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There is life after 42 years in prison. Jeffry Dean was sentenced as a juvenile 42 years ago when he was 17. Thanks to a Supreme Court decision to rethink life sentences for juvenile his is a life recycled.

Even as a ‘lifer’ he pushed himself to improve himself during in prison. He dedicated his time in prison to helping men re-enter society after being incarcerated. In that process, he became Facilitator for the PEOPLE ADVANCING REINTEGRATION course at Graterford Prison, “We teach them how to have goals.”

Then the miracle occurred and he found himself a free man. Reentry is hard enough even after just a few years. He had spent 2/3 of his life in a prison culture. The world has changed. Fortunately, he has a job with PAR Recycle Works whose byline is “Recycling electronics, Restoring lives.”

Chestnut Hill resident Laura Ford, with close ties to St. Vincent’s Parish in Germantown, has worked in prison ministry and helped develop and run reintegration programs for formerly incarcerated men and women for almost 20 years. She watched Jeffrey for 5 years. But she too was surprised when he asked her one day for a ride upon his release.”I will never forget those words!”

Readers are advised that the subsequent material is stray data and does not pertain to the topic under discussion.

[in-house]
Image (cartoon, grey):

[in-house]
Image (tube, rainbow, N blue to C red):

“PAR- Recycle Works believes that one of the best crime deterrents is a job. Participants in this program go from costing society thousands of dollars a year to contributing to society.”

According to a report entitled “The Price of Prisons: What Incarceration Costs Taxpayers” conducted by the Vera Institute of Justice and the Pew Center on the States, the Pennsylvania Department of Correction spends roughly $1.6 billion in prison expenditures annually.

The report stated that Pennsylvania incurs an “average annual cost of $42,339” for each inmate.

Ford, who is the PAR-Recycle treasurer, said it is very hard for ex-offenders to find steady, full-time employment. She said thousands of people return from prison to the community every day.

Watch the video for the moving story of a life recycled.